Having defined the phase space distribution function $f(\textbf{r},\textbf{p},t)$ in $\mu-$space, one can express the information that there are $N$ particles in the volume $V$ through the condition \begin{equation} \int f(\textbf{r},\textbf{p},t) d^3\textbf{r}d^3\textbf{p}=N \end{equation} as given in, for example, Kerson Huang, Statistical mechanics, second edition, Sec. 3.1, Eq. 3.4).

In equilibrium, the distribution function is independent of $t$ so that \begin{equation}\int f(\textbf{r},\textbf{p}) d^3\textbf{r}d^3\textbf{p}=N. \end{equation} If the particles are uniformly distributed in space, so that $f$ is independent of $\textbf{r}$, then the number density is given by \begin{equation} n=\frac{N}{V}=\int d^3\textbf{p}f(\textbf{p}) \end{equation}

  1. The expression for number density as given in Cosmology book by Kolb and Turner, they have an extra factor of $\frac{1}{(2\pi)^3}$: \begin{equation} n=\frac{N}{V}=\frac{g}{(2\pi)^3}\int d^3\textbf{p}f(\textbf{p}) \end{equation} where $g$ counts the number of internal degrees of freedom. But where does the factor $\frac{1}{(2\pi)^3}$ come from? Why is this factor missing in Huang's expression for number density?

  2. Kolb and Turner also writes an expression for the pressure for the relativistic particles satisfying $E^2=|\textbf{p}|^2+m^2$ (units in which $c=1$) in equilibrium as $$p=\frac{g}{(2\pi)^3}\int \frac{|\textbf{p}|^2}{3E}f(\textbf{p})d^3\textbf{p}.$$ What should the starting point in deriving this formula for pressure? In other words, what is the general formula for equilibrium pressure?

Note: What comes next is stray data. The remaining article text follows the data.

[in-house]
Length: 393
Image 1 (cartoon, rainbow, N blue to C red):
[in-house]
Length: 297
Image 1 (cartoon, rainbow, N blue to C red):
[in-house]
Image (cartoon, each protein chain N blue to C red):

• $\begingroup$ This also has to do with how you do the Fourier transformation. $\endgroup$
    – Louis Yang
    Jun 22 '17 at 1:10
  1. The extra factor of $\frac{1}{(2 \pi)^3}$ just comes from a different convention for the normalization of $f({\bf p}, {\bf r})$. The one in Kolb & Turner corresponds to Fermi-Dirac and Bose-Einstein distributions on the form: $$f({\bf p}) = \frac{1}{e^{(E({\bf p})-\mu)/T} \pm 1}.\tag{1}$$

  2. In general the energy-momentum tensor is given by: $$T^{\mu\nu} = \frac{g}{(2\pi)^3} \int d^3{\bf p} \frac{P^\mu P^\nu}{E({\bf p})} f({\bf p}). \tag{2}$$ For an ideal fluid, you can compare this to $$T^{\mu\nu} = (\rho + P)u^\mu u^\nu - g^{\mu \nu} P.\tag{3}$$ to check the expression for the pressure. (Note that I use the mostly minus metric convention here).

  • $\begingroup$ How do you get the relation (2)? $\endgroup$
    – SRS
    May 9 '17 at 17:41
  • $\begingroup$ I did not actually derive it, but I guess you could start with the section on an isolated particle here : en.wikipedia.org/wiki/Stress%E2%80%93energy_tensor, and generalize to the whole distribution f(p, x). Or at least convince yourself that (2) makes sense in light of that. $\endgroup$
    – Ihle
    May 10 '17 at 16:18

Your Answer

By clicking “Post Your Answer”, you agree to our terms of service, privacy policy and cookie policy

Not the answer you're looking for? Browse other questions tagged or ask your own question.